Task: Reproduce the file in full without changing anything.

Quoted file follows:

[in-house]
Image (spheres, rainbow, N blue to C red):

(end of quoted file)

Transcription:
[in-house]
Image (spheres, rainbow, N blue to C red):